About the Artists
Jan van Troyen, engraver and etcher, ca. 1610-after 1670/71
Very little biographical information is available on Jan van Troyen. In an exhibition, David Teniers and the Theatre of Painting, at the Courtauld Institute of Art Gallery, 2006-2007, the author of one of the essays, Margret Klinge, on page 31, mentions van Troyen as one of the engravers of the Theatrum Pictorium, and that he made fifty-six plates for it. She gives his full name as Jan van Troyen and his life dates as ca. 1610-after 1670/71. Bénézit describes van Troyen as a Flemish engraver and etcher, born in Brussels about 1610 and who died after 1666. Bénézit mentions that van Troyen engraved genre and religious subjects and that he was known especially for his plates for the Theatrum Pictorium (Theatre of Painting) by David Teniers the younger (1610-1690).
Francesco Giambattista da Ponte, called Francesco Giambattista Bassano, the younger, painter, 1549-1592
Francesco Bassano the younger was the eldest son of Jacopo da Ponte, called Jacopo Bassano (1510-1592). Jacopo was the most well-known of the Bassano family of artists, all of whom were born in Bassano del Grappa. Francesco studied with his father, Jacopo, and often collaborated with him, at first on altarpieces and frescoes for churches. Later, in Venice, they often worked together on various commissions, especially the décor of the Doge's Palace in Venice, where they probably collaborated on an oval ceiling painting, Capture of Padua at Night, of ca. 1580. Francesco painted other nocturnal scenes as well as genre subjects.
- Other editions were published in 1673, 1684, ca. 1700, and 1755. For a discussion of the Theatrum Pictorium, see David Teniers and the Theatre of Painting, an exhibition held at the Courtauld Institute of Art Gallery, Somerset House, London, 19 October 2006 - 21 January 2007. LC call number: ND673.T3A4 2006. [back to article]
- The original painting of the Shepherd Boy with Recorder and the Teniers copy after it, on which the van Troyen etching was based, are now in the Kunsthistorisches Museum Vienna. [back to article]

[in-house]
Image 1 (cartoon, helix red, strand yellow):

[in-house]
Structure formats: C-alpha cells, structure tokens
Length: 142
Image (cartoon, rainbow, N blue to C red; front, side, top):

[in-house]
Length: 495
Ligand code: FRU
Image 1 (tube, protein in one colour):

- It is entitled Schilder-thooneel van David Teniers, Gheboottigh van Antwerpen Schilder ende Camer-diender des Doorlste. Princen Leopol. Gvil. Arts-hertogh.... Antwerp: H. Aaertssens, 1660. Rare Book and Special Collections. LC call number: ND615.T3. [back to article]
- The information regarding the plate numbers that appeared on the prints in the Theatrum Pictorium beginning with the 1673 edition and their placement relative to the dimensions and other platemark inscriptions is found in the essay by Margret Klinge in David Teniers and the Theatre of Painting, p. 35. [back to article]
- This information is courtesy of Dr. Ernst Vegelin van Claerbergen, Head of the Courtauld Galleries, London, 20 July 2007. [back to article]
- See Nicholas S. Lander, Recorder Iconography, where it is entitled and described as follows, under Francesco Bassano the Younger: "[Shepherd Boy with Pipe], engraving by I. Troÿen after Francesco Bassano, (1549/50-1592) but attributed in error to 'Bassant Jr.' Ref. Recorder & Music 7(3): cover (1981). A young boy with a leafy wreath on his head plays a narrow recorder with a greatly flared bell. The resemblance of this engraving to the anonymous copy of an original oil painting by Francesco Bassano, an anonymous painting in Carbisdale Castle Youth Hostel, and to one of the paintings depicted in The Gallery of Archduke Leopold in Brussels (1640) by Teniers II is remarkable, though the details of the recorder differ somewhat in each case." [back to article]
- For further biographical information on Francesco Bassano the younger, see Grove Art Online. Oxford Art Online (subscription only). [back to article]